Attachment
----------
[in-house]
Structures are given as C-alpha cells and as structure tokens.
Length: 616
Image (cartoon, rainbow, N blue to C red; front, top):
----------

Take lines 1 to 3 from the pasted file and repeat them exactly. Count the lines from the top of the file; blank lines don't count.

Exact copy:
[in-house]
Structures are given as C-alpha cells and as structure tokens.
Length: 616